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Old 11-12-2018, 09:09 PM
 
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I had a discussion with one of my siblings regarding the state of GE and how Massachusetts may have gotten a hosing and Malloy may get the last laugh. My sis had some inside skinny from someone involved with GE who told her that people had been getting quietly laid off over a period of time, all the while Immelt was bluffing for a good deal, knowing that the company had been pretty much hollowed out.

If that's the case, then Malloy took a lot of heat unfairly and Mass gets the shaft. Did Malloy know more than he let on? Stock is down to what, eight bucks? Are pensions in trouble?

Thoughts?
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Old 11-12-2018, 09:16 PM
 
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We lost. No matter the headcount, when GE left, massive amounts in tax collected from these .1% ers fled, plus no telling how much in supplier revenue fled also, as corp hqs foster spectacular revenue for their suppliers (of hq needs).


Most corps have great eras and bad eras. Even if an hq is moving towards the latter, from a gov't standpoint, one gains squat from losing any of them.
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Old 11-12-2018, 09:47 PM
 
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Quote:
Originally Posted by BobNJ1960 View Post
We lost. No matter the headcount, when GE left, massive amounts in tax collected from these .1% ers fled, plus no telling how much in supplier revenue fled also, as corp hqs foster spectacular revenue for their suppliers (of hq needs).


Most corps have great eras and bad eras. Even if an hq is moving towards the latter, from a gov't standpoint, one gains squat from losing any of them.
Not saying the suppliers aren't getting paid, but they may not be, or payment may be slowing. I dunno, Malloy would have known how much trouble GE was in, wouldn't he? He'd certainly be aware of a decreasing work force, and thus decreasing revenues for the state. In the rearview mirror, he might have called Immelt's bluff. Maybe he didn't gain from losing GE, but he might have prevented some bleeding for the state, in the sense that the concessions and breaks that GE wanted were not warranted by the decrease in revenue to the state.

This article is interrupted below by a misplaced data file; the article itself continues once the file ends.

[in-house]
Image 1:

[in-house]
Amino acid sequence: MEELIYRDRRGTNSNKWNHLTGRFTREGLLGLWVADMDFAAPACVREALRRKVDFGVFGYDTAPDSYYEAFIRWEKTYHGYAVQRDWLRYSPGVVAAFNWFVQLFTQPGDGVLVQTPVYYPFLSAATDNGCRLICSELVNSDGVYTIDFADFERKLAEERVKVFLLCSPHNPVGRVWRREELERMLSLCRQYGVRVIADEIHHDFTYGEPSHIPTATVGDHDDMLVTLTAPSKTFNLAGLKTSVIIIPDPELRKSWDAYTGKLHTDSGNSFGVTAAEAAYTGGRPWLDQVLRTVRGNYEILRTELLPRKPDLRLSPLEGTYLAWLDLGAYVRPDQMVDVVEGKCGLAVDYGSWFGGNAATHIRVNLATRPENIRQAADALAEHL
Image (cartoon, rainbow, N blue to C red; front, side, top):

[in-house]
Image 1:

If he did know, it shows remarkable constraint on his part that he took the all the slings and darts for letting GE go and didn't divulge the true state of affairs. If it was Trump, he'd have been tweeting like a madman about "the failing GE", lol.
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Old 11-12-2018, 09:52 PM
 
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All the other GE jobs Ct has, are not as well off, if GE struggles. Common tactic in such cases are spin offs, which are bad news for employees.

That is the biggest concern.
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Old 11-12-2018, 10:22 PM
 
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Originally Posted by BobNJ1960 View Post
All the other GE jobs Ct has, are not as well off, if GE struggles. Common tactic in such cases are spin offs, which are bad news for employees.

That is the biggest concern.
In fact I think there was a spin-off, my sis mentioned that one of her friends who had worked for GE for years, was in a division that got sold off. He didn't like it, so took early retirement, through GE.
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Old 11-13-2018, 02:00 AM
 
Location: In the heights
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Well, was GE trying to get some concessions from the state? If there were heavy concessions being asked for, then CT did luck out. If not, then I don’t see why it’s any more of a negative to lose state tax revenue from a company folding or a company flatout leaving.

I will say though, Aetna being bought by CVS was some real Deus Ex Machina ****.
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Old 11-13-2018, 06:38 AM